Julie Powell, the writer whose yearlong mission to cook through Julia Child’s “French Cooking” masterpiece was immortalized in print and film, has died of cardiac arrest, The New York Times said Tuesday. She was 49 years old.
Citing her husband, the paper said one of the original food bloggers died on October 26 at her home in upstate New York.
Announcement of her death started debate on Twitter with multiple users saying she had COVID.
Several users retweeted Julie Powell’s tweet that she posted a few days ago.
Disillusioned with her low-level administration job in New York and seeking a creative outlet, Powell launched her Julie/Julia Project in the nascent era of internet writing, detailing her kitchen adventures using spiky humor in a direct, diaristic tone.
The project involved cooking all 524 recipes from Child’s 1961 classic “Mastering the Art of French Cooking, Volume 1” from her tiny, broken-down apartment in Long Island City, Queens that she shared with her husband.
The self-deprecating drama of her mishaps and disappointments both in and out of the kitchen struck a chord with a crop of primarily Gen X readers, and the blog gained hundreds of thousands of views at a moment when many people still used dial-up.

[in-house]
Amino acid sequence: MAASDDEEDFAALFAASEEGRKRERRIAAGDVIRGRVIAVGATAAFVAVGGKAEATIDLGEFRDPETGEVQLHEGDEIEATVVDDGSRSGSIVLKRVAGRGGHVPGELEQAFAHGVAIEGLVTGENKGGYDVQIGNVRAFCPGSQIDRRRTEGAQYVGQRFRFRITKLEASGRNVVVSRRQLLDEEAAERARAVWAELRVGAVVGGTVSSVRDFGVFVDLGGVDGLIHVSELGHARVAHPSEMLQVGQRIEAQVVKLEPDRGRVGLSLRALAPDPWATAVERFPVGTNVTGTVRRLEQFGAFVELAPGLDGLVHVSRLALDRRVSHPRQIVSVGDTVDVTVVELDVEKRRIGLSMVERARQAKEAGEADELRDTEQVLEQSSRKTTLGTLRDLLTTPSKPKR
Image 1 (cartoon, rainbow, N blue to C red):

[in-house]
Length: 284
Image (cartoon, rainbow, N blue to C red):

In 2005 the project was published as a book: “Julie & Julia: 365 Days, 524 Recipes, 1 Tiny Apartment Kitchen.”
For her final film the late writer and director Nora Ephron adapted the book into an Oscar-nominated feature film, starring Meryl Streep as Child and Amy Adams as Powell.
Powell’s project inspired scores of food bloggers who followed, its template and tone apparent in the later successful web and social media projects of cooks including Dorie Greenspan, Ina Garten, Deb Perelman and Alison Roman.
“I was shocked to learn this morning of the passing of Julie Powell, the original food blogger,” Perelman tweeted Tuesday under the account of her famous social media and cookbook brand, Smitten Kitchen.
“Cooking through Julia Child’s books, she made Child relevant to a new generation, and wrote about cooking in a fresh, conversational, this-is-my-real life tone that was rare back then.”.